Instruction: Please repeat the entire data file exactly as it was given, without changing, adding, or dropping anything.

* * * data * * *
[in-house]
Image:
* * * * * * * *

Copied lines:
[in-house]
Image: